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Claims(23)
1. A method for implementing a polymorphic call site in a computer system executing an object oriented program, said method comprising the steps of:
a) creating a template of a polymorphic inline cache for a polymorphic call site, the template having a plurality of slots;
b) executing the polymorphic inline cache with an object of type k;
c) invoking a polymorphic inline cache initialisation routine;
d) finding an available k slot of the polymorphic inline cache;
e) locking the k slot of the polymorphic inline cache;
f) searching for a k method to call for the object of type k;
g) filling the k slot with a call instruction to the k method;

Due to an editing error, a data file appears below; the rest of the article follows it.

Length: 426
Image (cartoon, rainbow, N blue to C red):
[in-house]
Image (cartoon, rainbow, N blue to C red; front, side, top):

h) unlocking the k slot to complete the k slot; and
i) calling the k method of the object of type k.
2. The method of claim 1, wherein a first thread may initialize and/or access the k slot at the same time a second thread is initializing and/or accessing a slot other than the k slot.
3. The method of claim 2, wherein a second thread calling the k method while the first thread is initializing the k slot waits until after said unlocking step (h).
4. The method of claim 2, wherein a second thread calling the k method while the first thread is initializing the k slot searches for and calls the k method and leaves the polymorphic inline cache unchanged.
5. The method of claim 1, wherein a polymorphic inline cache is created for each polymorphic call site.